I find Alchemist to be intended as a very Crafter focused class; so it made sense to me to imagine it using that base, with the class features that it already has built in rather than copying those features onto a seperate class.

As for a new base class, i would like to see a return and updated Wu Jen. Some kind of mix between Monk Stances mixed with Elemental Evocation Spellcasting using the Primal Spell List preferably.

Dark Archive

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Siro wrote:
Less of a class then a concept, but perhaps a class which {for magic} solely has and focuses on cantrips. {ie having more of then then any other class, along with there own class cantrips {we saw that with the bard if I recall, with 'Inspire courage'} and class feats/features which impowers them.} Perhaps this could be a way of doing the '2/3 caster' in PF2 (ie you never get any higher spells then cantrips, but you get more of them, and while there power will always be behind that of the higher level spells, they do grow more powerful over time, and the lack of higher spells allows the class to have more stuff outside of magic.)

I love the idea of a 'cantrip specialist' who lacks the magical potential to cast even 1st level spells, but has learned all sorts of neat tricks with cantrips, perhaps increasing them as levels in 'Cantrip Master' or 'Hedge Mage' accrue, and becoming kind of a half-baked Warlock or Kineticist. (keep upping the damage on those acid splashes or rays of frost!)

At every level, they could add a number of bonuses to the cantrip as it's being cast, such as increasing the damage die, for a damaging ray of frost or acid splash, and by stacking multiple such increases, or range / area increases (acid splashing an entire enemy group with a fireball sized 'splash' or creating a 'ray of frost' that's more like a 30' cone of cold).

They'd still cast the base cantrips at will, but only get a certain number of 'at will' enhancements / round, and then a certain number of bonus enhancements / day (so that they won't be throwing acid-splash-fireballs all day long, but can throw weakly damaging large area acid splashes *or* decently damaging single-target acid splashes all day long).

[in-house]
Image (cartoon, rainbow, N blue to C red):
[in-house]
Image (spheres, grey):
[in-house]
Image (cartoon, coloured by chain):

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Roswynn wrote:


I also hope they don't publish new classes when archetypes could do the job, because class inflation will mean that all classes will receive less support.

That's kind of the reason I hope they don't go too overboard by making everything archetypes, because archetypes don't get long term support and classes do.

Things like the Cavalier or Vigilante or Swashbuckler absolutely didn't need to be classes. I was even annoyed to see them be classes when I first encountered them.

But there are cool things Paizo built off their various chassis that simply wouldn't exist if they hadn't been made their own classes.

Roswynn wrote:


As for the narratives, yes, in Golarion witches are definitely a narrative that should be explored, since a whole kingdom is ruled by them, and they're an integral part of various cultures. Yes, the summoner is a narrative that should be explored, because Sarkoris was a realm full of summoners and their "little gods", and those traditions still live on.

While true, it's worth remembering that the setting is something that is actively being developed along with the game. If Paizo wants something to be narratively worth exploring or not, they can make it so pretty much at their own discretion.

You say witches need to be explored, but they could just as easily be a spin on wizards or clerics or druids instead of something wholly unique and Paizo has the means to make that work both mechanically and narratively if they wanted to.


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Pathfinder Adventure, Adventure Path, Starfinder Adventure Path Subscriber
graystone wrote:
I think what I take issue with is "a narrative that should be explored". For instance, someone might feel an Arcadian gunslinger is as worthy of exploration as an Irrisen witch: what does that have to do with it being done as a class or an archetype though? Does a witch become less of a part of the world if it's a wizard archetype or does a gunslinger become more a part of the world if it's a class instead of an archetype?

That's an excellent point about archetypes being just as much a part of the world as a full class. Indeed, prestige archetypes are even more fully rooted in the setting than PF1 classes could be, since PF1 prestige classes were designed explicitly with the setting sotyr in mind.